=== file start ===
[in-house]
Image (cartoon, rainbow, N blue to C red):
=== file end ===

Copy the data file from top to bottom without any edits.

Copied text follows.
[in-house]
Image (cartoon, rainbow, N blue to C red):